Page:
Right about the same time, a few miles up the road in the college town of San Marcos, the storied Sundance Records came to the end of its 30-year-run on April 1 when owner Bobby Bernard decided to retire. When Jennings heard the news that Sundance’s 3,100-square-foot space right across the street from Texas State University was opening up, he jumped right in. The weekend that the lease expired in Gruene, the LSM family packed up the entire store — including its iconic wooden statue of Bob Wills, carved by chainsaw maestro Doug Moreland — and moved to their new digs at 202 C University Drive in San Marcos. A few days later — OK, the better part of three long, nerve-wracking, very expensive months worth of days later —the new store was open for business, under a new, expanded name to reflect it’s bigger vision: Superfly’s Lone Star Music Emporium.

“We obviously wanted to keep the Lone Star Music name, but the idea was for LSM to be a store-within-a-store in San Marcos, so we needed to have something that was all-encompassing,”explains Jennings — adding that “Superfly,” apart from being a badass film soundtrack by Curtis Mayfield, was also the name of a beloved family cat.

Although the new store still features all of the “Lone Star” music CDs that LSM has specialized in for more than a decade, half of the floorspace is now dedicated to an all-genre collection of new and used vinyl — a format that has enjoyed an encouraging resurgence in recent years, especially amongst young adults and college kids who were born in the era of CDs and MP3s. Along with ordering hundreds of different new and reissued titles on wax, Jennings recruited former Sundance manger Greg Ellis to help build up a collection of used vinyl. A couple of weeks before the scheduled “soft” opening in October, Superfly’s was good to go with a modest but respectable starting selection of a few thousand titles on vinyl … and then they hit the mother lode.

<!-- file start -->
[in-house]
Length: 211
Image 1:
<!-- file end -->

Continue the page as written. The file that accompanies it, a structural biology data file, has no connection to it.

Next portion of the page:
Jennings heard through the Facebook/Red Dirt grapevine that Dave Ray, brother of Roger Ray of Jason Boland and the Stragglers, was closing his own little record store — the Beat Pharm — in Pueblo, Colo. Ray was looking to get rid of his remaining vinyl stock — an estimated 20,000 records — and made Jennings an offer he couldn’t refuse.